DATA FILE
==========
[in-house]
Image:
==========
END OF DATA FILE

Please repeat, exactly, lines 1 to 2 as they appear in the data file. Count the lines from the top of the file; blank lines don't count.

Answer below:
[in-house]
Image: